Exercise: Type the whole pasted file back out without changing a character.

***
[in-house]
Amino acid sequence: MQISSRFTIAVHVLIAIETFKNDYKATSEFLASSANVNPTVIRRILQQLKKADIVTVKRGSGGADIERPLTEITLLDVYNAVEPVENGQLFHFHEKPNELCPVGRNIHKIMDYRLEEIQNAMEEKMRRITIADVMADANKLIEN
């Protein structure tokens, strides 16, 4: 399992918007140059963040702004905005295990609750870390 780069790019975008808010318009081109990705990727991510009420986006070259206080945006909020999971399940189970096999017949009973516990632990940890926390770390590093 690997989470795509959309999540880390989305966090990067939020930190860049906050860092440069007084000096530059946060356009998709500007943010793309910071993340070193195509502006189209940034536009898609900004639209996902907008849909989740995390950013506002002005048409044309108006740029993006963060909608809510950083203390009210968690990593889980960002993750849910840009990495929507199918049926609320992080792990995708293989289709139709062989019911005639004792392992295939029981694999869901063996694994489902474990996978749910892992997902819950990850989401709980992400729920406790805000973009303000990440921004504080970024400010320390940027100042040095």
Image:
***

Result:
[in-house]
Amino acid sequence: MQISSRFTIAVHVLIAIETFKNDYKATSEFLASSANVNPTVIRRILQQLKKADIVTVKRGSGGADIERPLTEITLLDVYNAVEPVENGQLFHFHEKPNELCPVGRNIHKIMDYRLEEIQNAMEEKMRRITIADVMADANKLIEN
């Protein structure tokens, strides 16, 4: 399992918007140059963040702004905005295990609750870390 780069790019975008808010318009081109990705990727991510009420986006070259206080945006909020999971399940189970096999017949009973516990632990940890926390770390590093 690997989470795509959309999540880390989305966090990067939020930190860049906050860092440069007084000096530059946060356009998709500007943010793309910071993340070193195509502006189209940034536009898609900004639209996902907008849909989740995390950013506002002005048409044309108006740029993006963060909608809510950083203390009210968690990593889980960002993750849910840009990495929507199918049926609320992080792990995708293989289709139709062989019911005639004792392992295939029981694999869901063996694994489902474990996978749910892992997902819950990850989401709980992400729920406790805000973009303000990440921004504080970024400010320390940027100042040095």
Image: